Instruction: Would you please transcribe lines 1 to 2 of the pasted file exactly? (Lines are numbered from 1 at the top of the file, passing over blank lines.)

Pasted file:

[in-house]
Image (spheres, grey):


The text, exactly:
[in-house]
Image (spheres, grey):